Definition of trope in English:

trope

Syllabification: trope
Pronunciation: /trōp
 
/

noun

  • 1A figurative or metaphorical use of a word or expression: he used the two-Americas trope to explain how a nation free and democratic at home could act wantonly abroad
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    • The scrolls and the codex of the two novels are maps for the reader in linking the tropes, metaphors, and themes of each novel in a non-linear coherence.
    • Putting metaphor and other tropes in a rather remote place, he propounded another aspect of figurative language as absolutely essential to the sublime.
    • No longer will one or two tropes or metaphors serve to characterize the poetic work done by women.
  • 1.1A significant or recurrent theme; a motif: she uses the Eucharist as a pictorial trope
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    • The most disturbing of these tropes is the idea that ‘combat’ is ‘the highest form of manliness’.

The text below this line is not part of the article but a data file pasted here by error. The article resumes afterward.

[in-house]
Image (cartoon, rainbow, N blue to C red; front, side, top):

• The relative absence of conventional musical tropes doesn't mean, though, that the group approaches compositional matters indifferently.
    • All those things are the tropes of a reductive idea about what is woman and female.

verb

[no object] Back to top  
  • Create a trope.
    More example sentences
    • Beatrice's tactic in wit is to trope the object of her scorn into its satirical extreme, defined here by Hero as its opposite.
    • For Morrison, however, while troping her predecessors' unhomed terror, vertigo becomes a zone of potentiality offering rehabituation in a diasporic landscape that affirms the dislocated and untranslatable aspects of diaspora.
    • The poetic, as I remarked earlier, is not, for Wittgenstein, a question of heightening, of removing language from its everyday use by means of appropriate troping or rhetorical device.

Origin

mid 16th century: via Latin from Greek tropos 'turn, way, trope', from trepein 'to turn'.

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Word of the day coloratura
Pronunciation: ˌkələrəˈto͝orə
noun
elaborate ornamentation of a vocal melody